Rome — Pope Francis has said that he believes that laws that criminalize homosexuality are inherently “unfair,” making it plain that, in his opinion, “being gay is not a crime.”
In a lengthy interview with The Associated Press that was released on Wednesday, the pope discussed a variety of topics, including prejudice against the LGBTQ population, his own health and future plans, and the demise of Pope Emeritus Benedict XVI.
At his Vatican apartment, Francis told AP reporter Nicole Winfield, “We are all children of God, and God loves us as we are.
Francis, however, reaffirmed church doctrine that gay behaviour is wrong.
Francis said, “It’s a sin,” adding, “Let’s first distinguish between sin and criminality.”
Significantly, the pope made it clear that discriminating against others was equally wrong, asking: “What about that? It’s also a sin to lack compassion with one another.”
Despite the fact that homosexual actions are seen as “intrinsically evil,” according to Catholic Church doctrine, LGBT individuals must be welcomed into the church and treated with respect and care.
Francis has not altered this doctrine, and the Vatican’s doctrinal authority ruled in 2021 that the church could not sanctify same-sex relationships because “God cannot sanctify sin.”
But Pope Francis has consistently fought for gay rights and the acceptance of LGBTQ individuals in Catholic society.
Francis said that the church “must” seek to get unfair laws repealed globally.
The Human Dignity Trust group states that 67 nations, especially in Africa and the Middle East, regard same-sex sexual actions to be crimes. The death penalty is an option for punishment in 11 of those nations.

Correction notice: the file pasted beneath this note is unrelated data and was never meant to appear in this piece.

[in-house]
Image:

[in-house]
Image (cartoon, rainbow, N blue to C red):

Although the Supreme Court ruled in 2003 that laws prohibiting sodomy were unconstitutional, more than a dozen U.S. states currently have such laws in place.
The pope said that some bishops from nations that prohibit homosexuality accept the laws because they are ingrained in the local culture. He urged such bishops to go through a “conversion” process so that they might “tenderly” welcome LGBQT individuals into their ministry.
The pope also denounced a German movement known as the “Synodal Path,” in which bishops and laypeople are debating the viability of divisive church changes including allowing priests to get married, letting women to serve as deacons, and blessing same-sex relationships in church.
Francis did not directly address the problems being discussed, but he invalidated the process by saying it was being run by a “elite” and did not speak for “all the people of God.”
The Vatican rejected a German bishops’ plan to create a new governance body for the German church that would have included both bishops and laypeople earlier this week.
Francis, 86, answered inquiries about his health as well and said that the diverticulitis that required surgery in 2021 had resurfaced. He credited laser and magnetic treatment for helping the minor knee fracture that required him to reschedule excursions and use a wheelchair to recover without surgery.
He said, “I’m already walking; I’m just assisting myself with the stroller. “My health is excellent. I’m average for my age.”
Rumors that Francis would resign have become stronger with the passing of retired Pope Benedict XII earlier this year. Whatever, he said to the AP that he intends to go on for however long he can.
He said again that if he were to retire, he would desire to be acknowledged as the Bishop Emeritus of Rome and dwell at a retirement community for priests in Rome.
The next popes who step down will now be able to enter society more freely because to Benedict’s experience, he said.
Francis said that he lost a confidant and a father figure with Benedict’s passing.
“He served as protection for me. When in doubt, I would request the automobile and go to the monastery “where Benedict resided to get advice. I lost a wonderful friend.